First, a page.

To wait or not to wait, that is the question.
80% of retirees wait until their RMD (Required Minimum distribution) date to begin tapping into their retirement. Is this wise? Your individual circumstances need to be examined and you also must ask why the rules keep changing.
RMD requirements came out of legislation in 1974 called ERISA. This was a massive piece of legislation that may affect the average American more than any other piece of legislation. It governs pensions, retirement accounts, and other employee benefits. In 1974 the law said RMD's needed to begin by age 70 ½. These rules didn't change for 45 years, then in 2019 congress passed the SECURE Act which raised the required withdrawal date to age 72.
It looks like our government will soon pass the SECURE Act 2.0. If passed in its current form, it would move the required RMD start date to age 75 (phased in over several years).
Why so many changes? Do they want us to have more money to retire, or do they want to maximize tax revenue?
Life expectancy is around age 85 (a little longer for women, and shorter for men) So, by starting withdrawals at age 75, you may only have 10 years to take your withdrawals. Starting at age 60 you are looking at 25 or more years to withdraw. If the account value increases while you delay and the withdrawal period is condensed, this will mean much larger withdrawal amounts and will likely mean higher income tax burdens. Other things become more likely after age 75. Terminal illness, and/or long-term care expenses. These events are likely to cause a spike in withdrawals.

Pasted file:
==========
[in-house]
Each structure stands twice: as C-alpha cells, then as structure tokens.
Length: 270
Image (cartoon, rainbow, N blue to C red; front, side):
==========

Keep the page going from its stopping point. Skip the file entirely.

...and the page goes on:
Currently a widow has the privilege to continue RMD's from her spouses account (they usually will move it into their own name) without interruption or any real change. Interestingly enough, the SECURE act eliminated stretch IRAs for non-spouse beneficiaries. So presently, the kids can only keep the money sheltered for up to 10 years after they inherit. (10 years from the date account holder passed away).
There are at least two things that can be changed at any time. Tax rates and income thresholds. People are usually more away of tax rates changing, than adjustments to thresholds (brackets). The IRS can quietly build a bigger net. You can know your tax rate today (kind of), but there is no way to predict what tomorrow's rates will be.
Consider all your options and look at the math. Don't just assume delaying the withdrawals will result in lowering your tax burden. If you don't expect to need this money to live on, you should consider a Roth conversion strategy.
Pay your fair share in taxes, not your unfair share.